• Needs the Money. Maybe she makes a significant portion of her income from dance jobs, and she may feel that every other dancer out there is a threat to her livelihood. A performer who requires her dance income to put food on the table might feel it's a bad idea to teach a would-be competitor everything she knows about how to do business successfully.
  • Dog Eat Dog Attitude. It's possible that her teachers refused to help her get started as a pro, and she may think that that's just how it is out there: a dog-eat-dog world, where nobody helps anybody. 
  • Cutthroat. Your teacher might be a cutthroat person herself who got started in the business by stealing jobs from her own teacher! Those who have been either victims or perpetrators of vicious behavior rarely help their students grow into working professionals.

PHOTO CREDIT: Photo by John Rickman Photography, San Jose, California.



What to Do About It?

First, figure out which of the above truly applies to your situation. This is known as finding the "root cause". A solution that might work for one of these objections could be entirely wrong for another. You need to understand the situation before you can solve it. That is your first lesson in preparing to start your own business as a dance professional.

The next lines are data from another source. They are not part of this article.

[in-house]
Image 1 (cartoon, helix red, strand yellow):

To be fair, you need to remember that your teacher is a dance teacher, not a professor in a vocational school. Instead of expecting her to spoon-feed you what you want to know, you can take the initiative to find other ways to learn it. For example:

  • If you want to learn generic business skills such as negotiation, marketing, and accounting, then why not take college courses in those topics?
  • If you want to learn how to handle hecklers, accept tips, and delight audience members, then maybe you need to spend more time going to watch a variety of professional dancers perform their shows at restaurants and nightclubs to see how they handle tricky situations.
  • Join some of the web sites where belly dancers gather to talk shop such as forums and social network groups and ask your questions there.